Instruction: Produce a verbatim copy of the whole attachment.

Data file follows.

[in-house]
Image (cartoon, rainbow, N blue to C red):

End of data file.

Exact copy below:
[in-house]
Image (cartoon, rainbow, N blue to C red):